September 1, 2011 - June 30, 2012
During the 2011–2012 school year, the non-profit organization Voices of a People’s History is running a pilot project in Chicago to bring free educational resources, public performing arts programming, film screenings, and professional development workshops to educators and their students in Chicago area public schools and in community organizations.
The Chicago Voices pilot project launches in Fall 2011 and includes several elements:
+ Providing 1,000 educators a free curriculum toolkit based on primary source historical documents and aligned with national teaching standards. The Chicago Voices Educators Toolkitincludes The People Speak Extended Edition DVD, accompanying sourcebooks by Howard Zinn, teaching and viewing guides, lesson plans, a Chicago people’s history readings script, classroom video modules, and historical illustrations and graphics, all packaged in a cotton tote bag.
+ Providing public arts programming, including live performances with students and professional artists, as well as free community film screenings of The People Speak and discussions throughout the year.
+ Offering professional development workshops for educators in order to evaluate the curricular material and deepen classroom use.
+ Conducting an evaluation survey and report for possible replication in other districts.
As with Voices of a People’s History as a whole, the Chicago pilot project is inspired by the work of the late historian Howard Zinn (1922-2010), who co-founded Voices and whose books will be part of the free toolkit provided to Chicago educators.
CHICAGO VOICES EDUCATORS TOOLKIT
The Chicago Voices Educators Toolkit includes a DVD, several books, and a pre-loaded 2GB carabiner USB flash drive packed with educational material, all collected in an organic cotton tote bag from The People Speak tagged with the film’s message: Democracy Is Not A Spectator Sport.
The Toolkit is suitable for middle and high school and introductory college classes. Relevant subject areas include Social Studies, U.S. History, English, Language Arts, Drama, Writing, Sociology, Women’s History, Labor History, African-American Studies, Race and Ethnicity Studies.
Who can get a toolkit? Any educator actively teaching young people in Chicago area public schools (including suburbs) or community organizations. Teachers must sign up and provide basic information about their school or educational organization and valid contact information.
How do you get a toolkit? Everyone who signs up will have to pick up their toolkit in person at our events held throughout the year. Voices doesn’t have the resources to individually ship toolkits. Educators can sign up in person at our free events or online by filling out this formHERE.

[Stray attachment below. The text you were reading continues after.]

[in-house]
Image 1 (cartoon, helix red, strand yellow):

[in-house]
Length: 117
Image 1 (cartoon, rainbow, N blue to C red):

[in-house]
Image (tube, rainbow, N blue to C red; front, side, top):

Chicago Voices is holding events throughout the year, across the city, including free film film screenings of The People Speak and distribution of the Toolkit, live performances, and professional development workshops.
OCTOBER 13: Free film screening and toolkit giveaway at The Jane Addams Hull-House Museum at the University of Illinois at Chicago. Co-sponsored by Teachers for Justice and theCaucus of Rank-and-File Educators.
NOVEMBER 19: Exhibit, workshop and free toolkit giveaway at theEleventh Annual Teachers For Social Justice Curriculum Fair
DECEMBER 8: Holiday Party: “Cocktails and Community” with the Caucus of Rank and File Educators, Louder Than a Bomb, and Victory Gardens Theatre.
DECEMBER 9: History Channel Seminar Series at the Newberry Library
DECEMBER 15: Occupy Chicago Education Committee Documentary Screening Series Kick-Off with a free screening of The People Speak by Howard Zinn.
JANUARY 5-8: Exhibit at the American Historical Association Annual Meeting
JANUARY 21: The 4th Annual WBEZ Winter Block Party for Chicago’s Hip-Hop Arts. Free film screening and discussion.
JANUARY 31: Live performance, “The People Speak, Live!” at the Metro with Matt Damon and a cast of local Chicago actors, poets, activists, singers, and even a journalist.
CHICAGO VOICES TEAM
The Chicago pilot project is led by Project Director Mariah Neuroth, and educator and youth advocate, in cooperation with poet, educator and activist Kevin Coval, co-founder and Artistic Director of Louder Than A Bomb: The Chicago Teen Poetry Festival, subject of a documentary of the same name, premiering on the Oprah Winfrey Network October 2011. A regular contributor to Chicago Public Radio and a four-time HBO Def Poet, Coval teaches at the School of the Art Institute of Chicago and at schools throughout the city. He is the author of Everyday People and Slingshots (A Hip Hop Poetica); his newest collection, L-Vis Lives!: Racemusic Poems, was released by Haymarket Books in September 2011.
Project Director Mariah Neuroth began her career in Chicago as the Youth Program Coordinator for Interfaith Refugee and Immigration Ministries. Mariah was the founding board chair for the Chicago Alliance Against Sexual Exploitation and is a charter member of the Interfaith Youth Core. She recently served as Chief Program Officer of the Umoja Development Corporation and is now pursuing a Masters of Education in Youth Development at the University of Illinois at Chicago.
Contact Mariah Neuroth at mneuroth [at] gmail [dot] com
With general questions about Voices contact us at voices [at] peopleshistory [dot] us
The Chicago Voices project is supported by Lannan Foundation, established in Chicago in 1960 and now based in Santa Fe, New Mexico.
Louder Than A Bomb: Chicago Youth Poetry Festival is the lead community partner for the Chicago pilot project.
The Chicago Voices Educator Toolkit is made possible by the generosity of our partners at The People Speak; book publishers Haymarket Books, Seven Stories Press, The New Press andHarperCollins; broadcasters HISTORY and A&E Television Networks; and, organizationsLouder Than A Bomb: Chicago Youth Poetry Festival and the Chicago Teachers Union.